“Because the Bay of Blueford is too far from any port frequented by foreigners, given how it cleaves the middle of the southern coastline halfway to the heart of Natallia?” Serina retorted dryly. Shaking her head, she returned to the subject at hand. “As soon as that child is born, the Mother Superior can have the whole job. She has the magic to manage it!”
Once again, she tried to run her hands through her hair, only to be thwarted by the plait confining it. Her fingers shifted to worry at the spell-bound end instead.
“Don’t misunderstand me, Mariel; I’ve enjoyed my time here as Guardian of the Font. I’ve learned a lot, between reading all the tomes in the Retreat’s library and researching that birth-spell. But I’m a coastal girl, not a mountain girl. I need the tang of the sea in my lungs. Fish in my diet. Sand between my toes!
“I only have to be here for the impregnation and the birthing, and then I can leave. That would fulfill what Milon Saw of my presence here and the impact my research and efforts will have.” She gave her friend an unhappy look. “Of course, I’d hate to leave you behind. I was never as close to my own sister as I’ve become with you, what with her being the next Singer of the Moonlands, and all. We didn’t have that much in common, and she always had more of Mother’s attention.”
“I’ve grown close to you, too,” Mariel agreed. “You kept me together and going, after Milon’s fall. But leaving the Retreat . . . I don’t know if I’m ready for that. Not unless I knew there was a destination to go to. I’m the sort who likes to put down roots for stretches at a time. I’m not a world-wanderer like you.”
“I’ve already traveled half the length of this continent,” Serina reminded her wryly. “I’m not as enamored of journeying as I used to be. But I do know that I don’t want to spend the rest of my life here. I’m a healthy, red-blooded woman. I’m not the type to turn myself into a nun if I can help it.”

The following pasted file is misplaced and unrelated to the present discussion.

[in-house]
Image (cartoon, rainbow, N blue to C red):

Mariel laughed softly. “I should hope not, if you’re planning on reenacting a sex ritual.” She glanced at the clock and nodded. “Time’s almost up. Let’s go make sure my son’s not cheating and looking in the history texts while we’re elsewhere.”
That earned her a chuckle from Serina, who wasn’t fooled as to why Mariel came into her study in the first place. “Don’t you mean, let’s go reassure him that his ‘dear Aunty’ hasn’t murdered his mother in a frustrated rage with a mis-flung vase?”
* * *
Dominor’s head ached with rhetoric. Fallacious rhetoric. To the question of why men were supposedly superior, all he received for a concrete answer was the fact that men were physically bigger and stronger, on average. Dom couldn’t deny that. But the opinion that men were smarter had no solid basis in fact, as far as he could tell.
In Katan, boys and girls received the same education in reading, writing, and mathematics until the age of twelve, when they had the choice of apprenticing in a particular trade or taking additional studies. Schooling from the age of six to twelve was paid for by the government; beyond that was the realm of private tutors and apprenticeships. Though his family hadn’t quibbled at purchasing the services of private, professional instructors, Dominor had noticed during his earlier schooling years that girls were just as capable as boys. Slightly more so, in fact, considering that they were more willing to settle down and pay attention to their lessons than boys tended to be.
There had been a girl, the daughter of a professional scribe, who had challenged him academically in his fifth year of schooling. Dom had beaten her in the end-of-term tests, but not by that wide of a margin. It had also taken a lot of late-night studying to do so. Women were definitely not intellectually inferior to men. The examples Kennal provided, supporting his father’s claims, were easily debunked in Dominor’s mind: Their “slave girls” simply weren’t given the same level of education as the males of Mandare, so naturally they would seem more ignorant. The thing was, ignorance was curable by education. Stupidity, on the other hand . . . well, that led to idiotic notions that could not be easily dislodged from the feeble minds of those who clung to them.